… to National Review, which turns 57 today.
I can’t remember if I was in high school or undergrad when I started reading it, but it was probably the latter — I’m pretty sure my high school didn’t carry it, so I imagine I found it in college. I definitely bought copies from the newsstand at the mall bookstore when I was doing my first tour of duty at Sears, one of my few luxuries along with video games and the occasional record album. While there were parts I thought were pretty cheesy — the poetry of W.H. von Dreele, most notably — I discovered writing with genuine wit and thoughtfulness that put the lie to the notion that folks on the right were typically lunkheads. In particular, I got a kick out of Buckley’s replies to the folks who sent letters to the editor, and it developed my appreciation for le mot juste. And as it happened, I also found cogent arguments that led me further to right, against the current of most of my peers. This deviancy became even more clear during my first run through grad school, and I found myself taking issues in the periodicals collection and disappearing into the stacks of the UK library; I would have had an easier time explaining being caught with pornography, had some of my profs seen me reading NR.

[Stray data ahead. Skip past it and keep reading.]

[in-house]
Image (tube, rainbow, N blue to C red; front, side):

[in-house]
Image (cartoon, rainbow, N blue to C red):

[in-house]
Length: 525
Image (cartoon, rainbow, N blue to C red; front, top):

After putting the M.A. in my rearview mirror, and after I got an internet connection in the mid-90s at work, I discovered the online version of the magazine, and it’s been a bookmark for me ever since. And one of the things I’ve most valued about it over the years has been the fact that National Review has remained thoughtful, and provided me with solid arguments and considerable entertainment as it and I have stood “athwart history yelling ‘Stop.'”
Cultured while avoiding snobbery (most of the time, anyway), opinionated without demagoguery, and almost always a good, smart read, it’s been a good companion as I’ve made my journey into higher ed and into the anti-Statist Right. I’m glad it has been there.
Many happy returns, guys.